This morning we hear about judgement falling on us unexpectedly, coming like a thief in the night. The image of the Noah’s neighbours in the Flood story caught unprepared. It all sounds anxious and ominous rather than being the celebratory and joyous anticipation of Christmas that our hearts want Advent to be. Indeed, in the history of the Church, Advent has been regarded as a penitential season, rather like a second Lent. But we who are followers of Jesus should hear nothing today that makes us apprehensive or uncertain. Last week we celebrated the Reign and the Kingship of Christ. We know that one of a king’s traditional roles is to be a judge and make judgements, and we know that our King is a good, righteous king. One of the traditional Advent scriptures, from Isaiah 11, talks about the Messiah coming as a judge who will hear the poor who have had no one to help them.

He shall not judge by what his eyes see,
or decide by what his ears hear;
but with righteousness he shall judge the poor,
and decide with equity for the meek of the earth;
he shall strike the earth with the rod of his mouth,
and with the breath of his lips he shall kill the wicked.
Righteousness shall be the belt around his waist,
and faithfulness the belt around his loins. (Isaiah 11:3-5)

We shouldn’t have to fear this judge. We are followers of Jesus, baptized and marked as his. Yes, we are sinners, but we are sinners of his redeeming, and at our judgement, we can throw ourselves on the mercy and atonement of Christ with total confidence. But as followers of Christ, are are also accountable. We have been called to a way of living and to a way of being as his disciples. We have work to do. My sermon title is Making Good Use of the Time and this is the theme of several of Christ’s parables. The stories of the Wise and Foolish Bridesmaids, or the Three Servants and the Talents, are about judgement but also about preparedness. What if, today, we resolved not to fear the coming of this king and judge, whenever that might be, but rather what if welcomed him as a rescuer of the world and what if we throw ourselves into his work?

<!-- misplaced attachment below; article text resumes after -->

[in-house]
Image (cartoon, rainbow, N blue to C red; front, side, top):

Today we saw a video about something called the Advent Conspiracy. The video suggests a way of preparing for Christmas that is so counter-cultural, so Christian, that it deserves to be called a conspiracy. The video calls us away presents and into presence. It calls us away from things and into relationship. In our second reading, Paul talks about relationships of love with our neighbour that are one and the same as our relationship with Christ. Paul says that loving is all that we owe one another, and all that we owe God. So what if, this Advent, we were to join with Paul in this conspiracy of love? Perhaps we could conspire to let go of some of the junk and business around Christmas and resolved simply to love one another and to love God? Perhaps we could embraced time with our families and with our neighbours? Perhaps we could conspire to rethink how we use whatever wealth we may have been blessed with? The Advent Conspiracy video raises some themes and ideas that we will revisit over the next three Sundays of Advent. I hope you become co-conspirators with me, as we all ask ourselves, how can we make good use of this time that has been given to us?

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Mad Padre

Mad Padre
Opinions expressed within are in no way the responsibility of anyone's employers or facilitating agencies and should by rights be taken as nothing more than one person's notional musings, attempted witticisms, and prayerful posturings.